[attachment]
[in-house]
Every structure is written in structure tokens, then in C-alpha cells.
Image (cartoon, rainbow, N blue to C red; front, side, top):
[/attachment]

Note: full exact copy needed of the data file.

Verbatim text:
[in-house]
Every structure is written in structure tokens, then in C-alpha cells.
Image (cartoon, rainbow, N blue to C red; front, side, top):